Thursday, September 18, 2008

The Art of Making A Customer Satisfaction Survey

If you are looking to improve overall customer satisfaction and are looking at doing customer satisfaction surveys you need to ask hard pointed questions. If you survey your customers, what type of questions do you ask, how do you survey (phone, email regular mail) and what type of benchmark or scale do you use? Are there any resources out there that could assist us in setting our benchmark and formulating a process?

· Ask yourself, what do I really need to know from my customers? Consider that question from various staff and management positions within your company. What you may want to know could be different than what your sales rep wants to know or the production manager might wants in the way of customer feedback. Think about your competition: how does your company measure up? Good, bad indifferent? If not what does that competition do that makes them better? Ask your customers, within the survey, those questions that can help show how your company compares against the competition.

· If you're going to ask customers for feedback, make sure you're prepared to publish the results. Nothing could be more frustrating than to take the time to respond, and then never see the results. What you really want to tell your customers is, "thanks for taking the time to take our survey, here is what you said about our product/service and here is what we are going to do to make it better." That way they see what positive results their input made and that what they say is important to you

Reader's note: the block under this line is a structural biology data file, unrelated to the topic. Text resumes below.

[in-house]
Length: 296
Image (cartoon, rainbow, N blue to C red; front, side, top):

· Seriously consider having an "Expert" review the survey data, statistically analyze it and develop a complete and meaningful report for your staff and management within your company. This is not to say that you can't gain a lot of insight from evaluating the report results yourself. Remember, what you are really trying to determine is where you need to improve.

· If you don't have the research analyst resources, then carefully review the high and low range responses of your survey data. For example, if your quantitative data range is on a scale from 1-5, with five being the highest customer satisfaction, then look at all survey responses that indicated a one or a five, since those are likely to be accompanied by customer comments. Carefully review the comments. Are there consistent themes? Where might improvement be made? If they rated you a five in a given area consistently, then make sure you keep doing those customer service activities to assure you maintain that high level of satisfaction.

Research analysts suggest that any effort to tie each specific survey result back to the original service event is very valuable. I totally agree and it could then become a very effective training/coaching tool, as well, since the feedback could focus on specifics not imaginary events involved in the your company.

Larson note: If you’re brave enough and strong enough to accept constructive critisism a survey is a good way to get a report card on yourself. Don’t be shy about asking hard questions. That’s the way you learn. But you must send back a copy of synopsis of the survey or they might not ever do it again for you.

Howard Larson
Larson & Associates
Target Marketing & Telesales Professionals for new account acquisition
Making good businesses great and great businesses even better

1 comment:

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